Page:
Every dollar in existence must eventually be returned to a bank with interest as well. The problem is this interest doesn’t exist. Only the principal of a loan is actually created by the money supply, i.e. the central banks. Where is the money to cover the interest that commercial banks charge? It doesn’t exist. This means bankruptcy and defaults are mathematically built into the deficit-producing system.

On a personal level, I’m not interested in being a slave to money anymore. Somehow, after five years of studying philosophy and art, I wound up working in the investment banking field for five years. It was a lucky break and I’m not going to knock it for a second because I got to know some incredibly humane people through my work in the City of London (and some unutterable bastards too); I just know that it’s very unlikely I’ll work in that arena again. I’ve learned that I’ll always have enough of what I need. And whatever that is, it sure as hell isn’t worth trading my vital life energy for.

nature

The land of opportunity.

“We buy a wastebasket and take it home in a plastic bag. Then we take the wastebasket out of the bag, and put the bag in the wastebasket.” – Lily Tomlin, comedian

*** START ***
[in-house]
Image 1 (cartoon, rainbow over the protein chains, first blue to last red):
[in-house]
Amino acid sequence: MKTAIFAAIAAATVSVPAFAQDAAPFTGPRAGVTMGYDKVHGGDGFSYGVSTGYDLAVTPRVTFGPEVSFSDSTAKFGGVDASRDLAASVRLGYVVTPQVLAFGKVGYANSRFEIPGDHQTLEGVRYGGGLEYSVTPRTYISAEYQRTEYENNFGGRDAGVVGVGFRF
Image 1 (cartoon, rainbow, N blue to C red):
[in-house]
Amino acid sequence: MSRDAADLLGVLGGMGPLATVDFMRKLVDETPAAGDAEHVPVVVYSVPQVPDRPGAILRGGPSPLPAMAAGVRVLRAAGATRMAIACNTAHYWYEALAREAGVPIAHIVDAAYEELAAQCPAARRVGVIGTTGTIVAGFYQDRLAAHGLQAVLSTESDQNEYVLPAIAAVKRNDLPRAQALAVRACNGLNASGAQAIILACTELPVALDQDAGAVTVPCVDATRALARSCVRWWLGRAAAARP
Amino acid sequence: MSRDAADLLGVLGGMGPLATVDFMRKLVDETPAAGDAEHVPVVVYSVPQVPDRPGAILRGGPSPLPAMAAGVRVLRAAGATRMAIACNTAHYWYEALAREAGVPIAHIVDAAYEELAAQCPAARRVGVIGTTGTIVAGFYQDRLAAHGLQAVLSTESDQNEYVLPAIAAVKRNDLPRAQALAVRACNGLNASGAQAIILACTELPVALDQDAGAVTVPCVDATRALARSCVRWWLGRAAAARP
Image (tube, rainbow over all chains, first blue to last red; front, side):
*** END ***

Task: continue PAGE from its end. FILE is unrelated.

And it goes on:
It’s interesting living in the country where more stuff is consumed and disposed of per capita than any other place on earth, while all the time reading books like The Story of Stuff, Affluenza and watching the Zeitgeist trilogy. This is the country that spends 71% of their $15 trillion economy on consumer goods. The country that spends more on shoes, jewellery and watches than higher education. The country that has more than twice as many shopping centres as high schools. These are surely signs of a sickness, a disease to accumulate more and more while losing sight of what is truly important in life: for me that would be artistic creative pursuits, spiritual development, feeling in harmony with the universe, community living, appreciating nature, experiencing authenticity, being understood by others, living with humility for the Earth’s abundance, giving love and having my basic human needs met and inalienable rights respected.